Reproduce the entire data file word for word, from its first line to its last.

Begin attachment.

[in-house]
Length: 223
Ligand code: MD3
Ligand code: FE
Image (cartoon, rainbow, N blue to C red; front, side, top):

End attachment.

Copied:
[in-house]
Length: 223
Ligand code: MD3
Ligand code: FE
Image (cartoon, rainbow, N blue to C red; front, side, top):